Happy New Year!

As we reflect on the past year and look ahead to 2012, we have identified a set of critical issues that deserve the community’s attention.

Our five-member News-Leader Editorial Board has endorsed this agenda as our vision for Springfield and the Ozarks in the year ahead.

Three of the items are broad: helping our children, growing our economy and holding government accountable. One is more narrow: addressing the dangerously poor dental care of many of our neighbors.

During the course of the year, we will regularly revisit these issues and explore different facets. Our goal is to help you understand the issues better — and to get community leaders and our readers to take action.

We will offer solutions and highlight ways individuals and groups can get involved through government, businesses, nonprofits, volunteer organizations, churches or other activities.

As President and Publisher Linda Ramey-Greiwe outlines below, we believe the News-Leader has an important role to fulfill as a community leader and this agenda is part of that mission.

Briefly, here are the key issues and our agenda:

As we said in launching our Every Child public-service journalism project, few issues in our community are as compelling as the challenges involving children:

» Greene County has the state’s second-worst rate of reports of child abuse and neglect. Domestic violence, drug abuse and juvenile crime are critical problems.

» Poverty and hunger are widespread. More than 50 percent of children attending Springfield schools are in families qualifying for free/ reduced-price lunches. Mobility rates are high among low-income families, disrupting learning.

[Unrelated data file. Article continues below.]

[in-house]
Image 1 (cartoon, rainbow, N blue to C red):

» High-quality early child care and education are in short supply, while research proves children who are prepared when entering kindergarten are more likely to succeed in later life.

» Many children have poor quality health care, dental care and mental health services. Childhood obesity is increasing, while rates of low-birth-weight babies remain high.

A committee putting together a strategic plan for the city concluded: “Many in our community go about daily life and never see children that struggle with poverty or abuse.” The committee said raising awareness is a priority because: “By and large, our community is known for stepping up to address issues once they know about them.”

We’re counting on that.

The national economy remains weak following the Great Recession and the local economy is realigning in part due to the loss of traditional manufacturing jobs.

While unemployment rates here are well below the national average, the deeper issue for our region remains persistently low per capita average wage rates, even after adjusting for the benefits of a lower cost of living.

To confront these issues, the Springfield Area Chamber of Commerce has been working with partners in the public and private sector to develop long-term strategies. While the public is skeptical about government as a partner in economic development, City Council has adopted new policies on appropriate incentives.

And entrepreneurs have emerged.

Results are mixed, but encouraging, including revitalization of Springfield’s center city and development of the Missouri State University IDEA Commons and Jordan Valley Innovation Center.